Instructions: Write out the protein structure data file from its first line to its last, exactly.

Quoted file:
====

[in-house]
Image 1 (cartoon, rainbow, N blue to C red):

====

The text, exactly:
[in-house]
Image 1 (cartoon, rainbow, N blue to C red):